Delhi maintains cool but correct relations with Beijing, but behind the wintry, trans-Himalayan smiles lies growing rivalry over Chinese-occupied Tibet, Indian-ruled Ladakh and Kashmir, their long, poorly demarcated Himalayan border (another gift of the British Empire), strategic Burma, and their intensifying nuclear and naval rivalry.

India claims China is trying to surround it, using Pakistan, Sri Lanka, Bangladesh, and Burma. The two Asian superpowers have been locked in a strategic and conventional arms race for a decade. In 1999, this writer postulated that the two giants would one day clash over their contested borders.

India will follow its own strategic and diplomatic interests – which are not synonymous with those of the United States.

Delhi has a long record of clever diplomacy that has isolated Pakistan and kept the world and UN out of the burning Kashmir problem, where 40,000–80,000 Kashmiris have died in a long independence struggle against Indian rule.

But the United States is now slowly being drawn into the dangerous Kashmir dispute – which triggered the 2008 terror bombing in Mumbai. Just look for example at the embarrassing revelations that one of the men involved in the 2008 Mumbai massacre was working for the US Drug Enforcement Agency.

The more Washington backs and arms India, the more its relations with China will deteriorate. Japan is also quietly building up India against China, to Beijing’s mounting anger.

The US could even be drawn into an India-China regional conflict. So caution is advised to US diplomats as they charge into the murky, tangled, poorly understood geopolitics of South and East Asia.

We also wonder if President Obama was briefed on India’s growing strategic arsenal. India has been steadily developing a family of long-ranged intercontinental ballistic missiles that can carry nuclear warheads behind the cover of space-launcher vehicles.

Delhi already has enough medium-ranged Agni-series missiles to cover potential foe China. Why then is Delhi spending billions to develop a reported 12,000 km ICBM whose only targets could be North America, Europe or Australia?

India is also developing nuclear submarines and subs armed with nuclear-armed cruise missiles capable of striking distant targets, as well as the powerful BrahMos anti-ship missile whose primary function is to attack aircraft carriers and large warships. Only the US Navy operates such large vessels in the Indian Ocean. India is also intent on building more aircraft carriers to project power.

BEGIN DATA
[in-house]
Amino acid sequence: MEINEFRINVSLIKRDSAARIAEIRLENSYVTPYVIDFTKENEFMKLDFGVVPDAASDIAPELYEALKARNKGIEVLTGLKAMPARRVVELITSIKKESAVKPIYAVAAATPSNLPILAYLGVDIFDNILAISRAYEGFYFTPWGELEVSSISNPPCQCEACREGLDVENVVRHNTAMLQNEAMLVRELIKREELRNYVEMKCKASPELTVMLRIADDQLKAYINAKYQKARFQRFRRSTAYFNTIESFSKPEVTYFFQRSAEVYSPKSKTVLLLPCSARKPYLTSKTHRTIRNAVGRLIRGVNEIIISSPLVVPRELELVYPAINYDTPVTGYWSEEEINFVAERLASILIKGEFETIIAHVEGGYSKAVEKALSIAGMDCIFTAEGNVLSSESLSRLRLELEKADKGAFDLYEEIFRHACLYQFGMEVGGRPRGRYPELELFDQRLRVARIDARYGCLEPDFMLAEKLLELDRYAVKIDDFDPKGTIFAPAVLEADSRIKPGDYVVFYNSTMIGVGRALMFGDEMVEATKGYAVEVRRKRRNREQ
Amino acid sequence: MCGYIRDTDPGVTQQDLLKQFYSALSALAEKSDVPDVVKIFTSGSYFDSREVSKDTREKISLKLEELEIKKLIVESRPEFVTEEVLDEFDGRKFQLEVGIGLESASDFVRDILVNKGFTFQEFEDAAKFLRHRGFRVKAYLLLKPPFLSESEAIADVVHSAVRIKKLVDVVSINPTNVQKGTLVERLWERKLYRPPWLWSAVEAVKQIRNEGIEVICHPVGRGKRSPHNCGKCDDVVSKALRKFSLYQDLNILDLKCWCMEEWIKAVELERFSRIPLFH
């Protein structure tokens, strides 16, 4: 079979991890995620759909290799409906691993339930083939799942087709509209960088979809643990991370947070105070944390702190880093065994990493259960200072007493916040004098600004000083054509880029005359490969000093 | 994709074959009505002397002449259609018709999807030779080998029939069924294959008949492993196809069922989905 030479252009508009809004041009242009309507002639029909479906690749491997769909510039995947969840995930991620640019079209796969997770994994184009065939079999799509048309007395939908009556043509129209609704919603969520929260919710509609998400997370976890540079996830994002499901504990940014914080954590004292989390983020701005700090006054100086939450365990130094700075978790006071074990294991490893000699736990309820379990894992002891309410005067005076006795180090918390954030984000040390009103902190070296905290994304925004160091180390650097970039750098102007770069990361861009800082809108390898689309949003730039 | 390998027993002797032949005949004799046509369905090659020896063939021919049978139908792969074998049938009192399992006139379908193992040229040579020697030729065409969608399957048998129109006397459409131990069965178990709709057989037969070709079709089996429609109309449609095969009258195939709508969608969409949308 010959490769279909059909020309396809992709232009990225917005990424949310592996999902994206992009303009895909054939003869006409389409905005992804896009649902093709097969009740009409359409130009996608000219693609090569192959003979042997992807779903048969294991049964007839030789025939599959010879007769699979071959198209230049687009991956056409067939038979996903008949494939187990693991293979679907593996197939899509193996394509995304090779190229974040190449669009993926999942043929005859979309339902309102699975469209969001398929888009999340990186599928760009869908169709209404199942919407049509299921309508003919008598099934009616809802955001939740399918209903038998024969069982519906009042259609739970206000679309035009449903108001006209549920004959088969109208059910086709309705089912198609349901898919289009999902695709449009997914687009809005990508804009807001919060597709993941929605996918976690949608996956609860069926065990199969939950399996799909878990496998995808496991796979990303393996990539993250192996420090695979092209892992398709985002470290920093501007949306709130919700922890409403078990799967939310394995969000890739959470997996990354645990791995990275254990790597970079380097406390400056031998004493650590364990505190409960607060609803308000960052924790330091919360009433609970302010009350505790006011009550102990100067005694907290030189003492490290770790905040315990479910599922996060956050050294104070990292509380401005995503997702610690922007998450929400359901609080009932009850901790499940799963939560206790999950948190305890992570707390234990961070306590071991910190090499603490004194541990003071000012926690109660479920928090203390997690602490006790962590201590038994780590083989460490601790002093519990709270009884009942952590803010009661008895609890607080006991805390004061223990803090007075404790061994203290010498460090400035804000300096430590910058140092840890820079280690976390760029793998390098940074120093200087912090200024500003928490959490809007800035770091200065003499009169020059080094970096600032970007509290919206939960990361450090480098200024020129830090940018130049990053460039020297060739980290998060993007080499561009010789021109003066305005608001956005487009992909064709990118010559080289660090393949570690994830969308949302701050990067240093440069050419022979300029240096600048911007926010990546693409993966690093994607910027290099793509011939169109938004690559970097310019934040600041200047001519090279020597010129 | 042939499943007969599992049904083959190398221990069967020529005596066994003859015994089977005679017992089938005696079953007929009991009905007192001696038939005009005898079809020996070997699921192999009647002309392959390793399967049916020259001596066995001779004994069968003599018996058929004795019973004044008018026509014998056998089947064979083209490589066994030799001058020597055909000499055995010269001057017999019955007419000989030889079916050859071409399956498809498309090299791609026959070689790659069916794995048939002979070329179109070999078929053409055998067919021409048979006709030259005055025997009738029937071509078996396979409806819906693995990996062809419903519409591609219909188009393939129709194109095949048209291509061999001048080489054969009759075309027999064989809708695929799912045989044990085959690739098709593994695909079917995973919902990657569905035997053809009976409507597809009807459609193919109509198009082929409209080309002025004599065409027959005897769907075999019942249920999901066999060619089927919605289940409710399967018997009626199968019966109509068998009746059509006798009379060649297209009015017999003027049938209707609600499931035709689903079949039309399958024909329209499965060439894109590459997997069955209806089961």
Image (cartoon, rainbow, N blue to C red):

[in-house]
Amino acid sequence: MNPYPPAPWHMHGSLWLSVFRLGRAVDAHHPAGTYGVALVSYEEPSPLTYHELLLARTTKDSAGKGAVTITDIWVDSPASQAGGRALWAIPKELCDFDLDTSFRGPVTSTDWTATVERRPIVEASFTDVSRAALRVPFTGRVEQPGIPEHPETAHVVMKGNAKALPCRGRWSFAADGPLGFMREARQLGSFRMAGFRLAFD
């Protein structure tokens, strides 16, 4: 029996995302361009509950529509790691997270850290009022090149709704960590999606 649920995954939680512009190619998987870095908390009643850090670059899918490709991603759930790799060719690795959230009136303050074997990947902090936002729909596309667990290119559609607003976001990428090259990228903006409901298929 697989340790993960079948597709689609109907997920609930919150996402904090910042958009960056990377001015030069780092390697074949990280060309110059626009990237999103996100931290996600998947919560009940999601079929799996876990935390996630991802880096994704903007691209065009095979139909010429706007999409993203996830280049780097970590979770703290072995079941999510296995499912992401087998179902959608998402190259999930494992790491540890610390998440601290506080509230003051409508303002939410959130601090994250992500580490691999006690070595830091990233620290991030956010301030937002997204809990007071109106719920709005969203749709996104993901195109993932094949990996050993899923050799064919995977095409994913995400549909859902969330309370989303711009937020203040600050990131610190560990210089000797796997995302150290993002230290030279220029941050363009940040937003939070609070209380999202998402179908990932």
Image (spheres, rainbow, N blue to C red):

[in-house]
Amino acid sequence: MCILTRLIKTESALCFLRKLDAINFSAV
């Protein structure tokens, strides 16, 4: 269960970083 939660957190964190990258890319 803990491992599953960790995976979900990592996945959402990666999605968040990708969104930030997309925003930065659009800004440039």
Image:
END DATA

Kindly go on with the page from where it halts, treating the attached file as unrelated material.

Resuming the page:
The US and India appear destined to become rivals for Mideast and Central Asian oil and influence. There is no guarantee that today’s bonhomie between Delhi and Washington will be permanent. Great powers have their special interests – and no permanent friends or enemies.

Euphoria over the new US-Indian love-in should not cloud our judgment of South Asia’s realities, nor make us believe we can cajole India into becoming a regional policeman for US interests.

Meanwhile, Pakistan, Washington’s vital ally in the failing Afghan War, is seething with ill-concealed fury over Obama’s Delhi love-in and his claim that India has an important role to play in Afghanistan – which Pakistan sees as its strategic backyard.

South Asia is a minefield. Caution, and more caution, is advised.

Eric Margolis [send him mail] is contributing foreign editor for Sun National Media Canada. He is the author of War at the Top of the World and the new book, American Raj: Liberation or Domination?: Resolving the Conflict Between the West and the Muslim World. See his website.

Copyright © 2010 Eric Margolis

http://www.lewrockwell.com

Disclaimer: The above is a matter of opinion provided for general information purposes only and is not intended as investment advice. Information and analysis above are derived from sources and utilising methods believed to be reliable, but we cannot accept responsibility for any losses you may incur as a result of this analysis. Individuals should consult with their personal financial advisors.


© 2005-2019 http://www.MarketOracle.co.uk - The Market Oracle is a FREE Daily Financial Markets Analysis & Forecasting online publication.


Post Comment

Only logged in users are allowed to post comments. Register/ Log in

6 Critical Money Making Rules